What happened when we took a Bon Jovi superfan to their intimate London show
Venue: London Palladium
When the New Jersey veterans showcased their new album at an intimate London show, Classic Rock brought along superfan Angela Singh to get the ultimate fan's perspective
It’s May 1985, and Bon Jovi are on stage at London’s Dominion Theatre, halfway through the UK leg of their 7800° Fahrenheit tour. Tickets are £3.50, and the mostly male audience are confronted by a singer who doesn’t look like other singers. His clothes appear to be accessorised with female underwear. He has chiselled cheekbones, a radiant smile born of uncommonly perfect teeth, precisely tousled hair, and a glittering blue cloak that fans out in an arc from his body as he spins across the stage. To his right is an equally lithe guitarist, leather-clad and bare of chest. They’re clearly on to something. It’s a good show, but it’s a traditional rock crowd, and there’s a degree of suspicion about this duo’s very apparent prettiness. For an audience who’ve only recently staggered out of the NWOBHM’s patchouli and sweat-scented trenches, Bon Jovi are a confounding prospect. But not everyone’s thrown: dotted throughout the crowd are women, and they’re going nuts.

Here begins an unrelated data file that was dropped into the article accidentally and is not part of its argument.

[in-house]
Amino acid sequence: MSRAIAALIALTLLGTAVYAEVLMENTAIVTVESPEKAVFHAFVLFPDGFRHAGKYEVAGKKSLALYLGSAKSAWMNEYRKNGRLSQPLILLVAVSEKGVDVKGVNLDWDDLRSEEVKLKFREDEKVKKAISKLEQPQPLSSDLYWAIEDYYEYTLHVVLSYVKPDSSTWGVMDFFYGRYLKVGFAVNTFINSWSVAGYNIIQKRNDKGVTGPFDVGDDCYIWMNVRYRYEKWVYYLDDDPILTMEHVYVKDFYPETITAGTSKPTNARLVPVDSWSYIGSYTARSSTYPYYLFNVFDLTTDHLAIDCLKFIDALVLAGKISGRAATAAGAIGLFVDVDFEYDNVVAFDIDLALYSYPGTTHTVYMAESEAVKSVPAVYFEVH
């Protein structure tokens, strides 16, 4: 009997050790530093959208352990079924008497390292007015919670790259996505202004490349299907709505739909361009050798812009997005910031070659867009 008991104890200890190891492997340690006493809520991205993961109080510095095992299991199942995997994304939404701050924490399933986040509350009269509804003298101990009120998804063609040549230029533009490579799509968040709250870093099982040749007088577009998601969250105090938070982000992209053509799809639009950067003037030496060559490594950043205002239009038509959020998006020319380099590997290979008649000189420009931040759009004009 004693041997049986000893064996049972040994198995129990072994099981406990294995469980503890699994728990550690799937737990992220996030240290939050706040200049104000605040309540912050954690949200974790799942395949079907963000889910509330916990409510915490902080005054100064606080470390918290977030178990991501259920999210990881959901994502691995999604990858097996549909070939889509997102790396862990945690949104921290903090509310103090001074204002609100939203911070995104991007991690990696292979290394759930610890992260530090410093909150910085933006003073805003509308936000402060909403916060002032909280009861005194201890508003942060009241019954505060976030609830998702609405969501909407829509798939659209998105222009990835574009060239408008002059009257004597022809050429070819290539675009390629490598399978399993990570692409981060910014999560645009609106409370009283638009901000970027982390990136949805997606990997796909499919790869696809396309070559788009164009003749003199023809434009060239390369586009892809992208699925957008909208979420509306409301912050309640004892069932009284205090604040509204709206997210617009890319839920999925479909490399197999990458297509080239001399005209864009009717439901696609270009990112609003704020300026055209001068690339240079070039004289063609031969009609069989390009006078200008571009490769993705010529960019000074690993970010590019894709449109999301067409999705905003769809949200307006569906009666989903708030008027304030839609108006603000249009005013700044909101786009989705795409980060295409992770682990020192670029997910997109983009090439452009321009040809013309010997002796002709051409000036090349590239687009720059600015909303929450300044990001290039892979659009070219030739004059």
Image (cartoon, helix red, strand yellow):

Today, some 31 years later, Bon Jovi are on stage again at a similar London venue. That guitarist is gone, those women dominate the audience, and Classic Rock is sitting next to one. Angela is a charity worker from Preston who fell in love with the band as a seven-year-old on a family trip to New Jersey.
“I remember the bandana, and all the hair,” she says. “It was a nice look, but it was more about the music. It was so powerful. When you listen to it, your heart surges like it’s about to burst out of your chest. It makes me feel euphoric.”
She first saw the band on the These Days tour at Wembley Arena. “It was everything I hoped it would be,” she says. “It was ten times better. The only thing I can compare it to is when you touch down in New York for the first time and you feel a sensation that anything is possible. That’s how their music makes me feel.
“I also feel that Bon Jovi helps people build bridges. If you ever feel awkward in a situation, or you’re not sure how to connect with people, a good way to start a conversation is to talk about Bon Jovi. It’s helped me get established on a work level, and it’s helped me make friends.”
How would you feel if you met Jon? “I might die,” she jokes. “I’ve thought about this a lot. I’ve even role-played it with a friend.”